Date on Senior Honors Thesis
Senior Honors Thesis
College of Arts and Sciences
biology; habitat; adiponectin; bear
Wood, James-Dean, "Habitat effects on blood adiponectin isoforms in black bears." (2016). College of Arts & Sciences Senior Honors Theses. Paper 120.
Retrieved from http://ir.library.louisville.edu/honors/120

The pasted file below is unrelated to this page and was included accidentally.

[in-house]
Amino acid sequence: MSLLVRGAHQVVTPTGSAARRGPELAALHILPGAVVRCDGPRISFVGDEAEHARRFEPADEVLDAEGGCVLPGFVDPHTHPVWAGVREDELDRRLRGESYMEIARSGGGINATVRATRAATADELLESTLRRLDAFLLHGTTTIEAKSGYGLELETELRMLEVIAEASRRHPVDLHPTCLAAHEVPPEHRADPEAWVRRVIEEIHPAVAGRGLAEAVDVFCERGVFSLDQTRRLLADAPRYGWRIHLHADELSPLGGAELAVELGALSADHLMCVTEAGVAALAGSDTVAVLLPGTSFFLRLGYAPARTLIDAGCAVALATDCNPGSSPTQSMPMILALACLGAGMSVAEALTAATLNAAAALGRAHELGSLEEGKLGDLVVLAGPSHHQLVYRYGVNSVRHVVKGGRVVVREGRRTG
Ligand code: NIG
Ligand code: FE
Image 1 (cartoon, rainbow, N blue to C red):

Adiponectin is a hormone closely associated with symptoms of obesity and diabetes. This hormone has multiple forms: a low molecular weight form (LMW) and a high molecular weight form (HMW). Levels of the HMW form directly correlate to symptoms of the aforementioned conditions. Blood samples were taken from black bears of two different habitats in eastern Kentucky. One population from Pine Mountain (PM), and the other from Big South Fork (BSF). These populations were utilized under the assumption that they would differ in potential sources of nutrition. The PM population is located in an area with greater access to highly palatable and energy rich human refuse. Therefore, this population was thought more likely to have a poor diet compared to the BSF population, which was assumed to be more reliant on natural sources of nutrition. The adiponectin in the blood samples was separated into its two different forms and the concentrations of the two forms were compared between the two habitats. The concentrations of the adiponectin forms were also compared between sexes of the bears sampled. This study found that bears from PM had significantly higher concentrations of total adiponectin than bears from BSF. Male bears from PM had significantly higher levels of the HMW form, and lower levels of the LMW form, when compared to male bears from BSF. No other significant differences were found with respect to habitat or sex. This suggests that a significant difference does exist between the two habitats. Possible explanations for this difference may include effects of age, percent body fat, diet, and seasonality of hormones.